"Why?" She starts to get a cold feeling in her gut. And she wonders why the rumours haven't gotten back to her, about James training on SHIELD premises. "Why do all that?"

"Because I want to go back in the field."

She holds her body still, but Peggy feels like she's been kicked in the gut.

"When I asked if you wanted that ages ago, you told me it's a job for the youngsters." She'd have placed him in the field in a heartbeat ten years ago, but she's lost too many agents since then. She doesn't want to lose her friend.

"I'm better than the youngsters. I'm stronger than them. I'm faster than them. And look at me, Peggy." He looks her straight in the eye. "Look at me and tell me what you see."

She does as he asks. She examines the man in front of her, and sees clearly what she's fleetingly noticed before.

He's not aging.

Not like she is. Not like Howard is. His hair is as dark as it ever was, his face unlined, his skin taut. His body is as trim as it was in his twenties, with none of the trace of a paunch Howard is beginning to develop.

She realizes that it's finally time to have the conversation they've never had, that they've skirted around and avoided for twenty years.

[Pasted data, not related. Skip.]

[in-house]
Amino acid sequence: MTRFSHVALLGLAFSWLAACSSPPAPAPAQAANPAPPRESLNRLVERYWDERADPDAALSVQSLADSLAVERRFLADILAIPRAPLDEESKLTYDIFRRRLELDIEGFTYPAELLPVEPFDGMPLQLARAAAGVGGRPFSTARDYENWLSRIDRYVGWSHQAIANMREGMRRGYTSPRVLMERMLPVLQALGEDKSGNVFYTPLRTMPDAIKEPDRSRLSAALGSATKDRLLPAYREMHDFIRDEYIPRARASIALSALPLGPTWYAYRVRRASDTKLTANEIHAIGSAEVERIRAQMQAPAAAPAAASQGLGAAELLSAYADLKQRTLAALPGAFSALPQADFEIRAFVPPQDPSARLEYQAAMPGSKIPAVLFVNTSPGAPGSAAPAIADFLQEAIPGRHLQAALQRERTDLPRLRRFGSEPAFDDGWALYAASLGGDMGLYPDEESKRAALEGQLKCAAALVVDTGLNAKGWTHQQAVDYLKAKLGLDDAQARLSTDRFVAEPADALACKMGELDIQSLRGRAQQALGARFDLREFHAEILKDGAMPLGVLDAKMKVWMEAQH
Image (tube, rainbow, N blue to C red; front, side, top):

"What did Zola do to you?"

James flinches at the question, but he doesn't look away.

"What happened to that little bastard, anyway?" The question is casually asked, but Peggy can see pain in his eyes. Pain and fear of a sort she's seldom seen in him. She wishes she could tell him that Zola's dead, that she saw his execution herself, but that would be a lie. The truth is far worse.

"After the war, Phillips wanted him to join the SSR. Everyone was falling all over themselves to recruit Nazi scientists."

"I never saw him around."

"I may have talked the Colonel out of it. Zola was a horrible man, and I didn't want you sharing a lab with him."

"Thank you, Peggy," James says softly.

"The CIA took him on," she continues. "He's still there, as far as I know. What did that man do to you, James?"

He wrings his hands before he starts, but then takes a deep breath and begins.